Map of the Berg Karabakh region, where Armenians are a majority

​​Only a few kilometers from Vank two hostile armies still stand facing each other, one from Azerbaijan and the other from the self-declared Republic of Berg Karabakh. But in Vank there is no trace of the conflict. Vank is a rich village, where extensive projects are being planned, such as the building of streets, a school, and a hospital.

In comparison, the inhabitants of Stepanakert – the capital of Berg Karabakh – have been less fortunate. Their town is 50 kilometers from Gandzasar. The large shoe factory in Stepanakert is closed, as there are currently no orders.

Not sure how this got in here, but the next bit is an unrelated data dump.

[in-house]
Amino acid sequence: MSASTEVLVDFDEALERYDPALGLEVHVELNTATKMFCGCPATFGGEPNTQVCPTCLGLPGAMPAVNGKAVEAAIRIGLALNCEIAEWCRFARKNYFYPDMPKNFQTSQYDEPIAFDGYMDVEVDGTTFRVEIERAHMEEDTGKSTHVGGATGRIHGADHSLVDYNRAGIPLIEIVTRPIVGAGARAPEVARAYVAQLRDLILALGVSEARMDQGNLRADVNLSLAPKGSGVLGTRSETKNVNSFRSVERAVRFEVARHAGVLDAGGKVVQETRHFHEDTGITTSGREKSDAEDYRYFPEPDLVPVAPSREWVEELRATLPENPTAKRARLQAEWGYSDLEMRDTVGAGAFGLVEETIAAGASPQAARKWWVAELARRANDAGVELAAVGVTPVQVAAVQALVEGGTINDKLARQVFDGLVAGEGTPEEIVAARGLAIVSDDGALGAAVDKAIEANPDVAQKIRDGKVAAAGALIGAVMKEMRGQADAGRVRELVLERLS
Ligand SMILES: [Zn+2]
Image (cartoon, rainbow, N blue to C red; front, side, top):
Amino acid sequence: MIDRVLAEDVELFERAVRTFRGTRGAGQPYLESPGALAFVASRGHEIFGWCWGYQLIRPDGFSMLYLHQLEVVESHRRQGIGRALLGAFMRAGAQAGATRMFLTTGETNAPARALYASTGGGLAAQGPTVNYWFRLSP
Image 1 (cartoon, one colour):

The situation in the nearby dairy plant is only a little better. In the Soviet period, from which the dairy facilities date, the dairy received 100 tons of milk a day for processing. Today director Arkadii Grigorian can only dream of such a quantity.

He has therefore tied his hopes to foreign investors. Soon – assures Grigorian – the factory will again be in the black. Perhaps his employees will then earn more than their current wages of 100 dollars a month.

Demining as a rewarding business

Anti-person mines (photo: AP)
Deminers still have much to do in Berg Karabakh

​​Deminers working for The Halo Trust earn three times as much. The British nongovernmental organization is committed to locating and removing mines worldwide. Since 2000 The Halo Trust has deployed nearly 200 workers in Berg Karabakh.